Today in America, we have more than 27 million people without any health insurance. Millions more who have employer-based insurance are being fleeced by skyrocketing premiums and prescription drug prices, and they are often thrown off those private plans when they change or lose jobs.
This is great for the 64 health care CEOs who were paid $1.7 billion in 2017. But this is an economic and medical emergency for millions of Americans. The good news is that we have a very straightforward solution that draws from our own country’s past success: We can guarantee health care as a right to all by expanding Medicare, the most popular and successful program in American history.
R. Lopez moved to the United States from Mexico when she was 3. By the time she was in high school, the aspiring Spanish teacher from Oxnard needed glasses to drive and to see the whiteboard in her classes.
Although her family’s low income qualified her for government-funded health coverage, she wasn’t eligible for full-scope Medi-Cal for much of her childhood because she lacks legal status.
California Gov. Gavin Newsom wants the state to provide health coverage to low-income young adults who are in the country illegally, but his plan would siphon public health dollars from several counties battling surging rates of sexually transmitted diseases and, in some cases, measles outbreaks.
Insurers and healthcare providers warned the CMS that federal regulations aren’t the reason insurers steer clear of selling plans across state lines.
The CMS issued a request for information in March on how to eliminate barriers on insurers’ ability to sell cross-border plans, reviving an idea that was a pillar of President Donald Trump’s 2016 campaign. The agency also asked whether Farm Bureau insurance plans or short-term, limited duration plans could help facilitate the sale of individual market plans.
Accountable care organizations are more likely to stay in the Medicare Shared Savings Program if they achieve bonuses, even if it’s just once, according to a new study.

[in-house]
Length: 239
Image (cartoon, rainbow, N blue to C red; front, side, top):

The analysis, published Monday in Health Affairs, found that the risk of an ACO leaving the Medicare program is cut by more than three-quarters if they receive shared savings for at least one performance year. Overall, 30% of the 624 ACOs that participated at some point in the first five years of the program left. The findings come a few months after the CMS overhauled the program, which will force ACOs to take on risk sooner. Since then, concerns have been raised about whether or not ACOs will join or stick with the program.
It’s early morning in an operating theater at Providence Hospital in Portland, Ore. A middle-aged woman lies on the operating table, wrapped in blankets. Surgeons are about to cut out a cancerous growth in her stomach.
But first, anesthesiologist Brian Chesebro puts her under by placing a mask over her face.
“Now I’m breathing for her with this mask,” he says. “And I’m delivering sevoflurane to her through this breathing circuit.”
A survey of 200 physicians under the age of 35 showed that 56% reported unhappiness with the current state of medicine. That number didn’t seem surprising to me at first. I was not particularly “happy” at the time of reading this survey either.
I’ve aspired to become an oncologist for as long as I can remember. In oncology, despite my inability to cure, I can always try to heal. I form connections with patients and their families as they embark on a journey that is quite often their last. I learn from my patients as much as, and at times more than, they learn from me.
But all of this is overshadowed by a sense of heaviness that I frequently encounter as I enter the clinic room. That sense of heaviness hits when a patient tells me of the time when they were placed on a “brief hold” for more than half an hour in order to reach someone to get a prescription refilled or reschedule an appointment. Or when their insurance refused to cover the drug that I had prescribed to them. It is when I hear that clinic visits or treatments are not scheduled due to insurance authorization delays. Or when I’m asked about the cost of drugs and end up having to explain how nobody really knows.
Health insurance companies are standing in the way of many patients receiving affordable, quality healthcare. Insurance companies have been denying patient claims for medical care, all while increasing monthly premiums for most Americans. Many of the nation’s largest healthcare payers are private “for-profit” companies that are focused on generating profits through the healthcare system. Through a rigorous approval/denial system, health insurance companies can dictate the type care patients receive. In some cases, this has resulted in patients foregoing life-saving treatments or procedures.
Kaiser Permanente will soon launch a new care network that connects the system’s more than 12 million members to community services that address their social needs.
The Thrive Local initiative will be integrated into Kaiser’s electronic health record, and will be rolled out regionally this summer, though the first location hasn’t been announced yet. Over the next three years, the health system will make it available throughout the entire system.
The program will allow healthcare providers and caregivers to connect patients with community resources that can help them address needs such as food insecurity or housing instability from an array of not-for-profit, public and private social services.